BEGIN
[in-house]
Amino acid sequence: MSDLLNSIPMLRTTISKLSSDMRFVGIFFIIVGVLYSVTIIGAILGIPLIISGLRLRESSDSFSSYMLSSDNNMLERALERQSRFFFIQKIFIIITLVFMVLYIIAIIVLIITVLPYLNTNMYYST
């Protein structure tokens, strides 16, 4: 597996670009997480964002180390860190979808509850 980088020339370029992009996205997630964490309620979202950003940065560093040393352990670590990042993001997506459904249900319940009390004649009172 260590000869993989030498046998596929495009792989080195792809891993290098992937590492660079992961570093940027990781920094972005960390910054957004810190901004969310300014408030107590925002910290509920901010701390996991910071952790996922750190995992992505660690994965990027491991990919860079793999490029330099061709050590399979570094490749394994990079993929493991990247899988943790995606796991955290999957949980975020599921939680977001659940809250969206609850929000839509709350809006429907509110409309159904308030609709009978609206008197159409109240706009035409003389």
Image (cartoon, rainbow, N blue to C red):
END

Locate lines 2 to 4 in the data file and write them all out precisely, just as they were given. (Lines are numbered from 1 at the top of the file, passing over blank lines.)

Amino acid sequence: MSDLLNSIPMLRTTISKLSSDMRFVGIFFIIVGVLYSVTIIGAILGIPLIISGLRLRESSDSFSSYMLSSDNNMLERALERQSRFFFIQKIFIIITLVFMVLYIIAIIVLIITVLPYLNTNMYYST
């Protein structure tokens, strides 16, 4: 597996670009997480964002180390860190979808509850 980088020339370029992009996205997630964490309620979202950003940065560093040393352990670590990042993001997506459904249900319940009390004649009172 260590000869993989030498046998596929495009792989080195792809891993290098992937590492660079992961570093940027990781920094972005960390910054957004810190901004969310300014408030107590925002910290509920901010701390996991910071952790996922750190995992992505660690994965990027491991990919860079793999490029330099061709050590399979570094490749394994990079993929493991990247899988943790995606796991955290999957949980975020599921939680977001659940809250969206609850929000839509709350809006429907509110409309159904308030609709009978609206008197159409109240706009035409003389």
Image (cartoon, rainbow, N blue to C red):